Pentlands Navigation

The last four Tuesdays I’ve been running a navigation course for The City of Edinburgh Council Adult Education. This has consisted of four sessions of 2.5 hours. The last two of which have been in the Pentlands. We’ve covered what would often be covered in a single day navigation course, but the extra time between sessions to think about and practice skills has seemed to work very well. Thanks to all the attendees for their interest and enthusiasm. Unfortunately, I’ve been very poor at getting my camera out, so I’m afraid the photo is from a previous day in the Pentlands.

Edinburgh from the Pentlands.

Rob’s Reed

Euan, Ivor and I were back at Rob’s Reed near Forfar again today. Temperatures were quite cool and the forecast sun never quite appeared, but there was still plenty to do at this good sandstone conglomerate sports crag.

Euan leading the aptly named “Welcome to the Big Pocket” with Ivor belaying.

Pentlands Navigation Course

I was out in the Pentlands today with a City of Edinburgh Council Adult Education Navigation Course. This was week three of a course split over four consecutive Tuesdays, doing a few hours on each day. This seems to work well as it gives time to practice and reinforce skills between each session. No photos I’m afraid as I forgot my camera today.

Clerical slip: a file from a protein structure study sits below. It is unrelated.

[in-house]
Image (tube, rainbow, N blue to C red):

Rob’s Reed

Euan, Ivor and I were out sport climbing at Rob’s Reed near Forfar today. The majority of the routes were dry and the friction was good in the cold temperatures, although a warm-up was definitely worthwhile for the often fingery and technical routes. It was great to be able to get out on rock at this time of year.

Ivor looking very comfortable leading “Horny Deer?” as a warm-up.

Argyll and Appin

The last three days Jen and I have been based south of Oban with B, Butch, Jen, Patrick, Rachael, Tom and Wilmot. On Friday we had a pleasant half day walking in the Knapdale Forest starting from the visitor centre for the Scottish Beaver Trial and walking down to Rubha na Stiure. This gave a sheltered walk with plenty of interest looking for signs of the reintroduced beavers.

Descending Beinn Fhionndlaidh towards Glen Creran.

On Saturday we headed up Bienn Fhionndlaidh from Glen Creran. This worked well on a day of sunshine and showers falling as snow or hail above about 750m on a south-westerly wind. Congratulations to the two team members for whom it was their first Munro.

A zoomed in view of Ben Cruachan showing the snow level on Sunday.

On Sunday after dropping some of the team at the station in Oban a reduced group caught the short ferry to Kerrera for a delightful wander around the southern loop of the island. It was cold and sunny with great views out to the islands and back to the hills where a dusting of snow had settled down to around 700m.

Bowden Doors

Climbing today at Bowden Doors with Ivor, Simon and Martin. We had a good few hours before some unexpected rain set in. Many routes and problems are dry and clean with the odd green thing around.

Martin climbing at Bowden.